The Indiana Pacers staggered Miami with one more big punch on Saturday, beating the Heat 91-77 to force a decisive Game 7 in their NBA Eastern Conference finals series and keep alive their hopes of a stunning upset.
Roy Hibbert did everything but pull out the boxing gloves in Game 6, finishing with 24 points and 11 rebounds, and continually contesting Miami’s shots to help Indiana stave off elimination.
Paul George scored 28 points, had eight rebounds and five assists, and the Pacers held Miami to 36.1 per cent shooting as they booked a trip back to Miami for the decider.
“Myself and David (West), we throw ourselves in the fray, in the paint. We like to muck it up,” Hibbert said.
“Paul and myself, we wanted to make sure we got this for him as well. We didn’t want this to be our last game.”
After winning their first division crown in nine years, the Pacers are one win away from advancing to the NBA Finals for only the second time in franchise history. They lost to the Lakers 4-2 in 2000. They haven’t played a decisive seventh game in the conference finals since losing to Chicago in 1998.
And amazingly, they’ve done it this time against the defending champions who many considered virtually invincible after winning 27 straight during the regular season, finishing with a franchise-record 66 wins and having won 23 of their last 24 road games before losing Games 4 and 6 in Indianapolis.
But the Pacers have pushed four-time MVP LeBron James and his high-scoring, high-profile teammates to the brink of elimination by punching back, and Game 6 followed a familiar story line. The Pacers had a 53-33 rebounding advantage, outscored Miami 44-22 in the paint and limited Miami’s shooters to 16 of 54, 29.6 per cent, from inside the arc.
James led the Heat with 29 points on 10-of-21 shooting. Nobody else scored more than 10.
How have the Pacers done it? With Hibbert controlling the inside after adding martial arts training to his offseason regiment.
“Roy Hibbert is making extraordinary plays in the pocket, poise in the pocket we call it,” coach Frank Vogel said.
“He’s getting paint catches and just having great poise, great reads. He’s not ploughing over guys. He had a charge in Game 5, but has been under control.”
It was everything an elimination game should be. The teams traded baskets and jabs, sometimes literally, and players ignored the bumps and bruises of yet another wrestling match that has made this tough-guy series compelling. Both teams attacked the basket, sometimes with problematic results.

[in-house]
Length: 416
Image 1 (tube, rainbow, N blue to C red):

Indiana missed about five dunk attempts in the first half and a series of short jumpers, too, costing them precious points.
The Heat struggled, meanwhile, starting the game just 3 of 22 from inside the 3-point line. Miami’s Big Three – James, Dwyane Wade and Chris Bosh – went just 14 of 40. Excluding James, Miami managed only 16 baskets – eight 3s and eight 2s.
With Chris “Birdman” Andersen suspended, the Heat couldn’t keep up with Indiana’s big rebounders inside. Even Lance Stephenson, who was not effective at Miami, finished with four points, 12 rebounds and four assists.
Indiana’s loud crowd created a hostile atmosphere, too. Fans chanted “Heat Are Floppers!” sporadically throughout the second half, urging the Pacers to play harder, to defend better and to make another trip home. The only way to do that is to win Game 7 and avoid a second straight playoff elimination at the hands of the Heat.
For Miami, the stakes were so high that when James was called for an offensive foul midway through the fourth quarter, he lost his cool. James protested by running from one end of the court to the other, drawing a technical foul, and when Miami assistant coach David Fizdale showed his support for the league’s four-time MVP, it drew another technical.
George Hill answered by making free throws and Hibbert followed that with a layup, ending any chance of Miami making a late comeback.
James said he was trying to avoid an ejection and wound up spending the last 66 seconds on the bench.
“Explain it? You seen it. It was total domination by the Pacers in the third,” James said when asked what happened to the league’s most dominant team on Saturday. “They made a lot of shots, we didn’t get too many stops and we missed some very, very easy shots.”
It was a complete reversal from Game 5, when Miami took control by outscoring the Pacers 30-13 in the third.
This time, against one of the league’s top offensive teams, the Pacers gave up only six points in the first eight minutes of the quarter, using a 14-2 run to turn a 40-39 halftime deficit into a 66-49 lead with 1:15 left in the quarter. Hibbert scored nine in the quarter.
Miami did close to within 68-55 after three, but it was too big a deficit to overcome – even with James running the show.
“They just flat-out beat us in every facet of the game. They just outclassed us in that (third) quarter,” Miami coach Erik Spoelstra said.